While under anesthesia, it was discovered Schrödinger had a tumor in his mouth, on his hard palate. A biopsy was done. The pathologist who investigated the material said he probably had an aggressive cancer. The doctor prescribed pain killers and referred the dog to an oncologist.

Now it is the end of November. Schrödinger sleeps a lot. His appetite is good; we are feeding him boiled chicken, rice and cheeseburgers. He still goes out every evening for a long walk that takes us from the edge of Fringecrest up to the Air Force base and back again. He likes a bowl of cold milk and a chunk of chicken breast afterwards. Sometimes he sits by me and puts his head in my lap. Other times, he licks his pet pug on the face and paws at her affectionately as they lie together on the living room couch until both fall into a deep, wintertime sleep.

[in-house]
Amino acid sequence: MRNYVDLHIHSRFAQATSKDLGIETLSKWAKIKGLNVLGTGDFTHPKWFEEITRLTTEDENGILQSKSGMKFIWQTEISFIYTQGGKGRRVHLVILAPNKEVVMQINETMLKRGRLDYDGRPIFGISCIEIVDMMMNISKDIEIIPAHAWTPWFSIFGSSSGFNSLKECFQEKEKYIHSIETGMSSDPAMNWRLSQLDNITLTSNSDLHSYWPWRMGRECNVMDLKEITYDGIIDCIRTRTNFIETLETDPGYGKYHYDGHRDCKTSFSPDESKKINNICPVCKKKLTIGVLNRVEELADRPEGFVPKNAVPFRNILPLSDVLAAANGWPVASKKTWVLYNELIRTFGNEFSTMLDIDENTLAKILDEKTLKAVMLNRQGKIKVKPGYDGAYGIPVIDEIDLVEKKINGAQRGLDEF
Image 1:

And though through experience, I have learned to view things in the distance and have learned to view the world in groupings of many years, I now find myself measuring my time in days, in moments. There are triumphs in those minutes and there may be tragedy too. I am reminded those things will change me, will show me a way into the future.

*Learn more about Schrödinger's battle against fibrosarcoma at bit.ly/schrovsfibro.